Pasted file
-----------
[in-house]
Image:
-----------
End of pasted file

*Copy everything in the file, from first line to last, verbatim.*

[in-house]
Image: